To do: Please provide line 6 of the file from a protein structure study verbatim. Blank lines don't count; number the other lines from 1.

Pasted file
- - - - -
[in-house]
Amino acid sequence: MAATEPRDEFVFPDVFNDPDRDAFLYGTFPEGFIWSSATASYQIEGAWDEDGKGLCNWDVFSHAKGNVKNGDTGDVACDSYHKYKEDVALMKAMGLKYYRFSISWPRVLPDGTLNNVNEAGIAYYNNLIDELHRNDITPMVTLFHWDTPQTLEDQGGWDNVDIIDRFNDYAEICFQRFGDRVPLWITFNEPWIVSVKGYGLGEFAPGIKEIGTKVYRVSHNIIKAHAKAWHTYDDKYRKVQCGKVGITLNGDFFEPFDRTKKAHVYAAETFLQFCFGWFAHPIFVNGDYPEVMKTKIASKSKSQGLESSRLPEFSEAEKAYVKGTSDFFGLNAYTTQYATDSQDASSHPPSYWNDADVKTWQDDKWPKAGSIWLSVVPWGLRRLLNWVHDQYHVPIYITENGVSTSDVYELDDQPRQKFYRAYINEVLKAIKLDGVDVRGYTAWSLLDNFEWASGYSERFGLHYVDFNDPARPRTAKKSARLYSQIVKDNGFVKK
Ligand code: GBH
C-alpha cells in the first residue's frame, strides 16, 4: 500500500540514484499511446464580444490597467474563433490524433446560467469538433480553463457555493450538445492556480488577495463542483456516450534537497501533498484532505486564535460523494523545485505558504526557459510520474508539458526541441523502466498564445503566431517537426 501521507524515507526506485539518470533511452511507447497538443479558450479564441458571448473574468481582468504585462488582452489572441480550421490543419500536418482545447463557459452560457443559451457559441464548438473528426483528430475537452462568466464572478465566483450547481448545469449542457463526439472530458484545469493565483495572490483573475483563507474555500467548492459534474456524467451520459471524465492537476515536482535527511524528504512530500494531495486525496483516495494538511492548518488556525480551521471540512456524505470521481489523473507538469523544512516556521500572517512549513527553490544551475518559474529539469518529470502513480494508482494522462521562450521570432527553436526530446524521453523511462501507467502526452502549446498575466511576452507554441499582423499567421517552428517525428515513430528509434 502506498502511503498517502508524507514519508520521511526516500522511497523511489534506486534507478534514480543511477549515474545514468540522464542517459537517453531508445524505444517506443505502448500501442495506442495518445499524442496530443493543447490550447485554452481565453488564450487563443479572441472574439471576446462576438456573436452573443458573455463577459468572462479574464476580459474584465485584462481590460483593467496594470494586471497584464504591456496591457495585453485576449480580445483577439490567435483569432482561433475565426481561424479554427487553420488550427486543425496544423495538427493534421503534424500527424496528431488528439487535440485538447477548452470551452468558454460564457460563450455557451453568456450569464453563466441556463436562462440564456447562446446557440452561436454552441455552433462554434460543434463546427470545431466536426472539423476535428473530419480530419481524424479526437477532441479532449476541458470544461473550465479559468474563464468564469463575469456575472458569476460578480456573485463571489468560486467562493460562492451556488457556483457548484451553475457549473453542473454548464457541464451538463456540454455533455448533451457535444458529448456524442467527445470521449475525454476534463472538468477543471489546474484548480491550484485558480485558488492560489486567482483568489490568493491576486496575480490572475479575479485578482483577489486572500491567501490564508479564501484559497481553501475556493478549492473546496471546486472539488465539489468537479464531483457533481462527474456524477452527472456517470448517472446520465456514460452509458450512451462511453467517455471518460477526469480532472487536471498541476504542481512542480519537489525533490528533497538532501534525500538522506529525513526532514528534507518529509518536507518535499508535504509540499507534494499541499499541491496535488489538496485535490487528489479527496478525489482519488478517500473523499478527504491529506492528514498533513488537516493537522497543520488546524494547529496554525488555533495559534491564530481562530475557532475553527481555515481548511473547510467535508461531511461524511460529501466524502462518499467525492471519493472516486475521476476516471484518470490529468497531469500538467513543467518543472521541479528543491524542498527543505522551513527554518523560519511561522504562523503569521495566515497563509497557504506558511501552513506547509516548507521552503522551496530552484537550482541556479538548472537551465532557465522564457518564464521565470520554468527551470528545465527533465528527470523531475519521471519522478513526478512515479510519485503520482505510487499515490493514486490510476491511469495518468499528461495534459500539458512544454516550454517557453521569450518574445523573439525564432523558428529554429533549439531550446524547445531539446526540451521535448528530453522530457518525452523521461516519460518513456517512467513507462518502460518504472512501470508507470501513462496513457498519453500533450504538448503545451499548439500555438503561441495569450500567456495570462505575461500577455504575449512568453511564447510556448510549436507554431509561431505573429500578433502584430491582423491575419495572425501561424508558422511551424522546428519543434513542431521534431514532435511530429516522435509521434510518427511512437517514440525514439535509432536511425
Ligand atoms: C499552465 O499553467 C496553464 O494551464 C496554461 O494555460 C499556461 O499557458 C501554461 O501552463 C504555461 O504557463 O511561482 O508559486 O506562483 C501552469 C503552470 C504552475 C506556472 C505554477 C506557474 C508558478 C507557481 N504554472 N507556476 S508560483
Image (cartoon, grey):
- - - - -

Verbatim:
Image (cartoon, grey):